Employers wary of public transport

By Mathew Dearnaley

Many migrants were turned down by employers because they did not have their own vehicles. Photo / Thinkstock
Many migrants were turned down by employers because they did not have their own vehicles. Photo / Thinkstock

Employers are rejecting migrant job-seekers without cars as they have little faith in public transport delivering them to work on time, Auckland Transport has been told.

Ellerslie Residents Association chairman Bryan Johnson, who runs a consultancy helping new migrants, told a hearings panel considering more than 700 submissions on a new public transport plan that many migrants for whom he was trying to find work were turned down by employers because they did not have their own vehicles.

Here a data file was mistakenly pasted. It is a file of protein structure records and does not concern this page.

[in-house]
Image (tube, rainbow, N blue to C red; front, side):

"[They say] if you rely on public transport to come to our business, we don't want to employ you because it is not reliable."

Campaign for Better Transport convener Cameron Pitches said Auckland Transport should include complaints from the public as a key performance indicator, and try to build confidence in its network by paying credits to those stranded by late trains, buses or ferries.

Future planning

What: Auckland Transport's draft regional public transport plan to 2022
Who: Four-member panel of Auckland Transport directors and managers considering 719 submissions
Where: Next hearing session (final of five) - Manukau Civic Building
When: Thursday, 9am-5pm

- NZ Herald

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